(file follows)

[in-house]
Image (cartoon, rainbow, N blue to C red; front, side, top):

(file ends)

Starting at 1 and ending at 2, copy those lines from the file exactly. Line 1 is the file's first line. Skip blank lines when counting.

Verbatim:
[in-house]
Image (cartoon, rainbow, N blue to C red; front, side, top):